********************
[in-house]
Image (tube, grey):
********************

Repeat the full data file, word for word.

[in-house]
Image (tube, grey):